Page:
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I edited this question and used "daisy chain" as a verb. I'm wondering if that title is technically grammatically correct.

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Ah - you're from CHAOS! Now I understand the Ψ! – Daniel Jul 29 '11 at 14:43
Yup! In the flesh. I'm not a custodian of ELU, though - that's my excellent colleague Lauren Ψ. – hairboat Jul 29 '11 at 14:49
Many nouns have been verbed. – mgkrebbs Jul 29 '11 at 18:08
@mgkrebbs Would that cause a chain reaction? – Ronan Dec 18 '14 at 12:08
@mgkrebbs Adjectival nouns verbify adverbially. – rand al'thor Dec 18 '14 at 20:29
up vote 11 down vote accepted

To daisy-chain (preferably with hyphen) means to cascade—output of item 1 feeds into item 2, output of that feeds into item 3, etc. Compound verbs are permitted in English, so yes you can use this one.

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About 1/3 of all the written references in NGrams don't have a hyphen, so your implication that only the hyphenated form is correct seems unnecessarily prescriptive. – FumbleFingers Jul 29 '11 at 14:12
@FumbleFinbers, thanks - edited slightly. – Monica Cellio Jul 29 '11 at 15:02
haha - you retain the prescriptive edge, I see! :) – FumbleFingers Jul 29 '11 at 15:19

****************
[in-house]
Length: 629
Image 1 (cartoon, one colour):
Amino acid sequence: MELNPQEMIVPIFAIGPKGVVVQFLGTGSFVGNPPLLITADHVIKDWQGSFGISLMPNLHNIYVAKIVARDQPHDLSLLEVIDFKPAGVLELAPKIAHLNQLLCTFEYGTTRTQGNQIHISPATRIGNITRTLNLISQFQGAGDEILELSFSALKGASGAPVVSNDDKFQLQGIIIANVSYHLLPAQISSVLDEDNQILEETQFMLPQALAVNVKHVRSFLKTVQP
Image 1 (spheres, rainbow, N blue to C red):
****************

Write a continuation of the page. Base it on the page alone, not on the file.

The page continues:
I'm not really a prescriptivist, but in this case (as with multi-word adjectives) I find it much easier to parse with the hyphen. And you did say that 2/3 of the NGrams you looked at used it, so it's pretty common. – Monica Cellio Jul 29 '11 at 16:25
Did your ngrams take into account noun versus verb? – Monica Cellio Dec 21 '11 at 14:06

Yes, you can daisy chain as a verb (this chart is about 1000 written instances). .

Obviously OP doesn't need a definition, but in case anyone else does...

Originally a daisy chain was simply a garland of plucked daisies, linked together by splitting the stem end of each and threading the next stem through (children often make them from daisies growing in the lawn between mowings).

By metaphorical usage the term has been extended to many "chained" processes or configurations. Particularly, as in OP's case, to the linking of multiple electronic/computer components, each with a "pass-through" socket so the next device can be plugged in to the same shared control wiring.

Metaphorical usages are often (but not always) hyphenated, particularly when using as a verb.

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Sounds good to me.

I've probably used "daisy chain" as a verb 100 times for every time I've used it as a noun.

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Makes me wonder why it's not in dictionaries as a verb, then. – Daniel Jul 29 '11 at 14:04
@drm65 Here, I've found a link for it. (Sorry I edited out the part you responded to, but now I forgot what I said.) – Kit Z. Fox Jul 29 '11 at 14:07
@Kit: You could be right, but even so, Dictionary.com should at least link somewhere for the verb form. – Daniel Jul 29 '11 at 14:08

Perfectly valid. "To chain" has been a verb, simply meaning to link in a series, for quite some time, so it's only natural that the related term "daisy-chain" (evoking an image of large "nodes" - flowers - tied together) would follow.

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